Quarter Up: The Evolution of the Video Game Business Model


I hate the concept of free-to-play games. As someone who has grown up mostly buying boxed copies of video games at the store, I greatly dislike the idea of being given a game for free and then constantly harassed to pay later in exchange for cosmetic items or other things that directly impact my enjoyment of the experience. The fact that these games are wholly designed to maximize profits rather than to fully-realize a great gameplay experience is something I find rather gross.

Having said that, it’s easy to lose sight of the big picture. Video games have always been influenced by the business model behind them. Even if you go back to the arcade days where the monetization of the medium began, there was a business model driving that experience, too.

Back then, most of the technology for video games was too large and unwieldy for home use. In order to sell games, developers and publishes created arcade machines to sell to public venues, from arcades to convenience stores. In exchange, these public outlets would gain their return on investment from the quarters they’d collect from players. As such, games were bite-sized experiences that were designed to eat your quarters as quickly as possible. From Space Invaders, to Street Fighter II and everything in between, that goal holds true. Gamers of that era (myself included) didn’t know any better because there wasn’t another way.

Eventually, the home console would evolve to a point where it became the dominant force in the marketplace. Gamers could get arcade-like experiences at home, or whole new experiences that were much deeper in nature. You may not get the graphics of Dragon’s Lair at home, but you couldn’t play an adventure as long or as intricate as The Legend of Zelda at an arcade, either. As such, the cost went from a quarter a session to a much larger upfront investment in exchange for full use of the game. Many arcade games ported over to home platforms struggled with tailoring the experience for home platforms because they weren’t designed to be played that way.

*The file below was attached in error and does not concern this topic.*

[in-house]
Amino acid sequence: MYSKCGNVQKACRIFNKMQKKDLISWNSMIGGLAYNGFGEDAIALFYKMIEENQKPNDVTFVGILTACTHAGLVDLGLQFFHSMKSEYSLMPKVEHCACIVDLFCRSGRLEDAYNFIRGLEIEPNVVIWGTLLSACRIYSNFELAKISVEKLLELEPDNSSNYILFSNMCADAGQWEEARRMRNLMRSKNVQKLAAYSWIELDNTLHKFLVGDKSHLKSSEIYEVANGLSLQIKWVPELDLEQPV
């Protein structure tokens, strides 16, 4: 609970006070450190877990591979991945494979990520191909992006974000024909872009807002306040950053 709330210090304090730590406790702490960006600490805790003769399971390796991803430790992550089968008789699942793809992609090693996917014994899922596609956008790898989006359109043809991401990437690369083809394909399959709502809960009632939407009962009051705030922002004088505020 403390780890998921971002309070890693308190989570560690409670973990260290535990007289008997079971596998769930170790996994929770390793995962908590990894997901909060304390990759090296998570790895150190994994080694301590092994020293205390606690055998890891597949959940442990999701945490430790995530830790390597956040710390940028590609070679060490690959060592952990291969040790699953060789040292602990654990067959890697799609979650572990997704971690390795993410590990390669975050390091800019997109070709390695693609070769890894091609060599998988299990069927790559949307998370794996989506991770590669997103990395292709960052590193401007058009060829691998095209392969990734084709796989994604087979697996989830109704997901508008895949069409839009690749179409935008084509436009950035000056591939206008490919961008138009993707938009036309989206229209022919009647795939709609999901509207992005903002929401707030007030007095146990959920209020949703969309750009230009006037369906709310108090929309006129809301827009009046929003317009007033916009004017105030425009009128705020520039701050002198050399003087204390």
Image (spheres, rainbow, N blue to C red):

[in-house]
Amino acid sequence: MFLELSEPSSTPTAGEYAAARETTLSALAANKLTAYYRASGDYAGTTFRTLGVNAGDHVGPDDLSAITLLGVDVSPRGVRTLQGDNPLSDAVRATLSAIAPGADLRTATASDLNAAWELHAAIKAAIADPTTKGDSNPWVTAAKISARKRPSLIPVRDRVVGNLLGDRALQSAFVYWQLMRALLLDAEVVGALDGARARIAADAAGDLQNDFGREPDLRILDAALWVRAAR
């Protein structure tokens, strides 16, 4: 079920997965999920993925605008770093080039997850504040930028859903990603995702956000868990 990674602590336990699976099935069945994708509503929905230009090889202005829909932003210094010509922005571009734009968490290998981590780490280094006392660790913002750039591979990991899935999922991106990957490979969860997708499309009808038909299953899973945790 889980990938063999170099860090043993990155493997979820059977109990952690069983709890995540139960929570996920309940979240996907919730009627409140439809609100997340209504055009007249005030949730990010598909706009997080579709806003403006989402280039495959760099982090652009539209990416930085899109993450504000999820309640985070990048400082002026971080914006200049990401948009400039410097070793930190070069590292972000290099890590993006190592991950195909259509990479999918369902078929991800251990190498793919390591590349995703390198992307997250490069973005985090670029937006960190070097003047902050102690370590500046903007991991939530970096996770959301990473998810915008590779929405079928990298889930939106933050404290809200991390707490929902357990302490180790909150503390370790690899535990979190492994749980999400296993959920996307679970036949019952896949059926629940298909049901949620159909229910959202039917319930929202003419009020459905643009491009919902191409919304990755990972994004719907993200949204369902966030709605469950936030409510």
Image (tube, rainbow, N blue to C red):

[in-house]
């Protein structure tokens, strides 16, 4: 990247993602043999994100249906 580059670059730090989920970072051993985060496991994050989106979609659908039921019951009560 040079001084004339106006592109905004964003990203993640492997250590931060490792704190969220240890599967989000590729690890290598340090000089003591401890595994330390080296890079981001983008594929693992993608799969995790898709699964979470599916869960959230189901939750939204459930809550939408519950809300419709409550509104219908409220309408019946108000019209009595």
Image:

As time, technology and our gaming habits have evolved, so has the business model. For awhile, subscription-based MMOs were a thing. Then, as people grew weary of that, they moved to free-to-play MMOs. Console games have also dove deep into the world of downloadable content as a means of generating more revenue off of an existing game. In the right context, such as Rock Band, DLC is a great way of extending the experience in an inexpensive manner.

Though I’ll be the first to complain about the free-to-play model, I’m cognizant of the fact that the industry goes where the money is. Based on past history, it always has. Free-to-play is where it is because companies are generating a meaningful amount of money from it. As a gamer, the most important thing I can do is vote with my wallet. Until a free-to-play game can earn my trust, they definitely won’t get my hard-earned money.


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One thought on “Quarter Up: The Evolution of the Video Game Business Model

  1. jsicktheslick February 26, 2014 / 2:12 PM

    Though I’ve not thought about it all too much, I agree that the Free-to-Play model really just eats up your cash. You mentioned cosmetic changes that come with paying for the “Premium” content in these types of games, but even worse are the paid games that lock away ACTUAL content from the player until they pay more. I think that practice is even worse and should be done away with altogether.

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